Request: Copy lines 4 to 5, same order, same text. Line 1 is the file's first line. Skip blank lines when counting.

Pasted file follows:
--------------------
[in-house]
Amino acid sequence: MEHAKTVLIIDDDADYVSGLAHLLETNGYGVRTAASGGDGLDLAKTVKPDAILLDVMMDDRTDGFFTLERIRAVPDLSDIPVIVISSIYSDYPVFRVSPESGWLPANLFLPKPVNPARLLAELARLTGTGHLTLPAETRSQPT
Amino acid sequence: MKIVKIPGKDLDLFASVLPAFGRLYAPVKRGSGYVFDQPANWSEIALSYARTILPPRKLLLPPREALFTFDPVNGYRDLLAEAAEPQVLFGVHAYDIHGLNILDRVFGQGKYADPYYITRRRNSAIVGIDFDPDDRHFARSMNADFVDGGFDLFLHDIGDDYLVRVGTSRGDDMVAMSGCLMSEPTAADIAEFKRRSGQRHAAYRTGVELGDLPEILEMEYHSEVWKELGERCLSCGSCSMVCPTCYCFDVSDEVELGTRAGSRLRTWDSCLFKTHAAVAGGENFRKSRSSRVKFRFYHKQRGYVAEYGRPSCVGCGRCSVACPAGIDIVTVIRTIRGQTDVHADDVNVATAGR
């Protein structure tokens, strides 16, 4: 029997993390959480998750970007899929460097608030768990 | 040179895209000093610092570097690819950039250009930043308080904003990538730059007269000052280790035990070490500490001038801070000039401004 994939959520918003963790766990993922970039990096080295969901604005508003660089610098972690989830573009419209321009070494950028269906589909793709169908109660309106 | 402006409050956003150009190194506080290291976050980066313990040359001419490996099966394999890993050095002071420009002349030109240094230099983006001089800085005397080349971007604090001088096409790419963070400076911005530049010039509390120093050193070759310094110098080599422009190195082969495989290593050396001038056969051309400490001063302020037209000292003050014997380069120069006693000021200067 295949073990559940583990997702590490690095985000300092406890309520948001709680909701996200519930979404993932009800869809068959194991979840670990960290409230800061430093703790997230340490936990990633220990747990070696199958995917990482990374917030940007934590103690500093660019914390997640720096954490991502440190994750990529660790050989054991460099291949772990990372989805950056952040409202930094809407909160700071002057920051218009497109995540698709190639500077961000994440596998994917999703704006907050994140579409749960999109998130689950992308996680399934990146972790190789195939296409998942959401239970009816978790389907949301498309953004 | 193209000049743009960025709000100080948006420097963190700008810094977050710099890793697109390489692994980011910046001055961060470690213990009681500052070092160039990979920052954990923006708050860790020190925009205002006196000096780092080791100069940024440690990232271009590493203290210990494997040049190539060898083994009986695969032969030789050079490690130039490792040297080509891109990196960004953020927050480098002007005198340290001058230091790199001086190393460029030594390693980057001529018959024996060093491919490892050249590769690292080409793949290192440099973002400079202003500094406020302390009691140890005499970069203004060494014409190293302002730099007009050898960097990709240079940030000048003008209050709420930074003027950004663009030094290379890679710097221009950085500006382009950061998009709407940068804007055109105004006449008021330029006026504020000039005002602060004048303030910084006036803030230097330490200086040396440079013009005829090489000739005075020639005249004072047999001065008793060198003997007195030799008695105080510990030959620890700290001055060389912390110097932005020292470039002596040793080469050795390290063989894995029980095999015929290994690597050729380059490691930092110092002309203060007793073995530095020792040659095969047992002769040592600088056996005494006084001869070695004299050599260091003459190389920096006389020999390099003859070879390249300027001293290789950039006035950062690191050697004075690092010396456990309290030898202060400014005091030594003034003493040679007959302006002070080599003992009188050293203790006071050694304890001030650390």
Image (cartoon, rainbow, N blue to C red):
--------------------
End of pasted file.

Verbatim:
């Protein structure tokens, strides 16, 4: 029997993390959480998750970007899929460097608030768990 | 040179895209000093610092570097690819950039250009930043308080904003990538730059007269000052280790035990070490500490001038801070000039401004 994939959520918003963790766990993922970039990096080295969901604005508003660089610098972690989830573009419209321009070494950028269906589909793709169908109660309106 | 402006409050956003150009190194506080290291976050980066313990040359001419490996099966394999890993050095002071420009002349030109240094230099983006001089800085005397080349971007604090001088096409790419963070400076911005530049010039509390120093050193070759310094110098080599422009190195082969495989290593050396001038056969051309400490001063302020037209000292003050014997380069120069006693000021200067 295949073990559940583990997702590490690095985000300092406890309520948001709680909701996200519930979404993932009800869809068959194991979840670990960290409230800061430093703790997230340490936990990633220990747990070696199958995917990482990374917030940007934590103690500093660019914390997640720096954490991502440190994750990529660790050989054991460099291949772990990372989805950056952040409202930094809407909160700071002057920051218009497109995540698709190639500077961000994440596998994917999703704006907050994140579409749960999109998130689950992308996680399934990146972790190789195939296409998942959401239970009816978790389907949301498309953004 | 193209000049743009960025709000100080948006420097963190700008810094977050710099890793697109390489692994980011910046001055961060470690213990009681500052070092160039990979920052954990923006708050860790020190925009205002006196000096780092080791100069940024440690990232271009590493203290210990494997040049190539060898083994009986695969032969030789050079490690130039490792040297080509891109990196960004953020927050480098002007005198340290001058230091790199001086190393460029030594390693980057001529018959024996060093491919490892050249590769690292080409793949290192440099973002400079202003500094406020302390009691140890005499970069203004060494014409190293302002730099007009050898960097990709240079940030000048003008209050709420930074003027950004663009030094290379890679710097221009950085500006382009950061998009709407940068804007055109105004006449008021330029006026504020000039005002602060004048303030910084006036803030230097330490200086040396440079013009005829090489000739005075020639005249004072047999001065008793060198003997007195030799008695105080510990030959620890700290001055060389912390110097932005020292470039002596040793080469050795390290063989894995029980095999015929290994690597050729380059490691930092110092002309203060007793073995530095020792040659095969047992002769040592600088056996005494006084001869070695004299050599260091003459190389920096006389020999390099003859070879390249300027001293290789950039006035950062690191050697004075690092010396456990309290030898202060400014005091030594003034003493040679007959302006002070080599003992009188050293203790006071050694304890001030650390």
Image (cartoon, rainbow, N blue to C red):